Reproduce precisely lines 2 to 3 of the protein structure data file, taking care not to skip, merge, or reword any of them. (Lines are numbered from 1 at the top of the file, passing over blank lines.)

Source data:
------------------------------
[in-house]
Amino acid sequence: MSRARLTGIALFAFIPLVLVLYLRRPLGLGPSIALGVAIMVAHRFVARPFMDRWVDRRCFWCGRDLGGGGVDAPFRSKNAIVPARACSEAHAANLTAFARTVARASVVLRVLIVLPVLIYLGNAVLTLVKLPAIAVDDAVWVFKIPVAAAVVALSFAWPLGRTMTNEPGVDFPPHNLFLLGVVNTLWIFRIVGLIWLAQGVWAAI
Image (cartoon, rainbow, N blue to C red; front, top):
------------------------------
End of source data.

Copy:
Amino acid sequence: MSRARLTGIALFAFIPLVLVLYLRRPLGLGPSIALGVAIMVAHRFVARPFMDRWVDRRCFWCGRDLGGGGVDAPFRSKNAIVPARACSEAHAANLTAFARTVARASVVLRVLIVLPVLIYLGNAVLTLVKLPAIAVDDAVWVFKIPVAAAVVALSFAWPLGRTMTNEPGVDFPPHNLFLLGVVNTLWIFRIVGLIWLAQGVWAAI
Image (cartoon, rainbow, N blue to C red; front, top):